Can you buck the markets?

By Hugo Dixon
December 7, 2010

The author is a Reuters Breakingviews columnist. The opinions expressed are his own.

LONDON — Can you buck markets? Margaret Thatcher said you couldn’t; Angela Merkel, by contrast, believes in the “primacy of politics”. Who’s right depends on whether politicians have the will to change the unpleasant reality that markets can reflect. The euro crisis is testing this theory to destruction.

In one sense, Britain’s iron lady was right. Markets are messengers — sometimes of doom, at other times of glad tiding. Actions like restricting short-selling of financial stocks, Merkel’s bright idea in May, are pointless. They don’t change reality. Even intervention in the markets — such as the European Central Bank’s sovereign bond-buying programme, which restored calm late last week — only buys time.

Germany’s iron chancellor is also right that politicians can prevail, but only so long as they change what markets are worried about. The euro zone’s volatility is largely due to lack of clarity over whether the authorities have the will to tackle excessive debt loads and uncompetitive economies. Solutions are available, but there are multiple actors with competing visions.

Take the ECB first. Mere bond-buying won’t save the situation. But if the central bank was prepared to take big risks with its own balance sheet, or abandon its policy of not creating inflation, that would be a different matter. It could then hoover up a few trillion euros of debt and allow the money supply to expand commensurately by not “sterilising” the operation.

Such a move, similar to what the U.S. Federal Reserve did after Lehman Brothers went bust in 2008, might change the reality. Insofar as it drove down governments’ cost of borrowing and reduced the risk of deflation, it would make debt burdens easier to bear; insofar as it pushed down the euro, it would help boost the euro zone’s competitiveness.

But Jean-Claude Trichet, the ECB’s president, doesn’t want to go this far. If there’s to be a bailout, he wants stronger governments to do it by the front door, rather than the central bank to do it by the back door. That is why he is pushing for an increase in the size of the euro zone’s rescue fund.

Such a scheme might again do the trick, especially if funds were made available on even more favourable terms. A plan for euro zone governments to issue common bonds — making them responsible for each other’s debts, as proposed most recently by the Italian finance minister and the Luxembourg prime minister — might also change reality. In either case, weak governments would shift some of the responsibility for their debt burdens to stronger ones.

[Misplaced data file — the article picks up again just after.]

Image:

But here it is the turn of Germany and other stronger countries, led by Merkel, to balk. They don’t want their citizens to suffer. They want the weak countries to bear the lion’s share of the pain of adjustment. This year they have pushed peripheral economies to embark on a series of structural reforms which, when judged cumulatively,  is starting to look impressive: curbing deficits, fighting corruption, pushing up state retirement ages, freeing up labour markets, shrinking banks and reducing generous welfare benefits.

Greece, Ireland, Portugal and Spain, though, have had to be dragged — sometimes kicking and screaming — into adopting these policies. And although structural reform will help, it won’t necessarily save the situation. Debt levels are so high that some sort of rescheduling may still be needed.

This is where investors dig their heels in. They don’t want to suffer haircuts on money they have lent either governments or banks. Every time somebody, normally Merkel, suggests they do, markets suffer a conniption. Politicians then get so scared that trouble will spread closer to the core that they typically back off. That’s what happened last month with Irish bank debt.

We are witnessing a game of chicken. All the principal actors — the ECB, strong countries, weak countries, even bond investors — want a peaceful solution. But they want to bear the fewest costs themselves. Most games of chicken end in a negotiated settlement. That, too, is the likely outcome with the euro: a bit more inflation, a weaker currency, more belt-tightening by peripheral countries, more handouts from the core and some haircuts for bondholders. If so, the primacy of politics will, indeed, have been asserted. But every so often games of chicken spiral out of control. If that happens this time, the politicians will be bucked big time.

Comments

“Greece, Ireland, Portugal and Spain, though, have had to be dragged — sometimes kicking and screaming ”

I’m not sure this is fair on Ireland. Ireland went down the austerity road of its own volition, and still got into trouble.

The reason Ireland got into a mess was that the Irish state chose to guarantee the debts of Irish banks. That was a big mistake, from the Irish tax payers point of view, but highly convenient for the banks of so called ‘stronger’ countries. If these debts are defaulted on (as they surely should be, the banks and now the state are insolvent) these countries will also have solvency issues in their banking sector and won’t be looking so strong any more.

As it is, the poor Irish taxpayer is being left to carry the full can, when they are only half guilty.

Posted by Dafydd | Report as abusive
 

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